Mental Health Matters - Fran Bennett

3 minute read

advice / stories
Fran Bennett

I have nothing to complain about. Therefore, why would my mental health wobble? Why would I need to bother those who would give me help in a heartbeat with my worries? Well, that's just it I did need help

Fran Bennett

I am a mid 30 something successful girl.  I have a great job, which I get much satisfaction from.  Along with this, I have amazing parents, sister and brother-in-law and dote on my two nephews, along with having a fantastic set of friends.  I am fortunate to have a lovely home, have had several fun Minis, I ski, I run and enter the races I want to and can also spoil those that matter to me. 

I have nothing to complain about.  Therefore, why would my mental health wobble?  Why would I need to bother those who would give me help in a heartbeat with my worries?

Well, that's just it I did need help, I just didn't realise it or maybe want to acknowledge it. I buried my head in the sand through work. I worked harder and longer so there was less time to be at home where it, at times, pointed out what I didn't have.

Even as I write this now, it is still hard to say what I know I deep down want but have been able to accept and certainly haven't given up hope of happening. I was that girl who smiled, talked a lot and seemed happy, but was putting a brave face on it, not wanting to put on others what I saw as trivial problems when I had so much.

I am a teacher and Head of House and at the end of the Summer Term last year, I burnt out. There was that one particular instance that as the saying says, 'broke the camel's back'. I was a crying mess, as well as being both mentally and physically exhausted; I have never slept so much in my life! I didn't know what to say but I knew what the cause was. So with the support of my family, friends and work I got help. I spoke to a professional. It gave a me a chance to re-arrange my thinking. I took time. I took the pressure off myself.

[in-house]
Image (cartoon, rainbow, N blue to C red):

It was ok!

I would be ok!

Throughout this time, I carried on with my running and my training. However, it was the time and talking, and not the running that helped me (of course the endorphins and the freedom running gives me still helped). The final bit of help came from the running community through my fab and #unstoppable running club Fareham Crusaders. So many members were prepared to be there for me, to share their personal experiences and to just check in on me. Being able to run with others without needing to talk also gave me comfort and reassurance.

It doesn't surprise me that it was after a run that I felt myself again. I knew I had my 'sunshineyness' back. I knew I was strong, I was loved and I was enough!

A few months later, I was privileged to be asked to be the FCRC Ladies' Captain. It is a role I am absolutely cherishing despite not being able to run with my club with the current lockdown. It is also the reason why I have chosen to write this. I am in a role which has responsibility. If I can help someone by them reading this, then I've given a little something back to all that has been given to me by my running club, family and friends. I thought my mental health was strong. I thought because I was and am so fortunate that it would never be a problem, but as I found out anyone's mental health can be affected just like our physical health.

I am not always strong, I don't always feel enough and there are those days where I want what I don't have and it's not ok. However, I now know that I must talk when I feel like this and it is never trivial to those who truly care about you.

@frannybeano on Instagram

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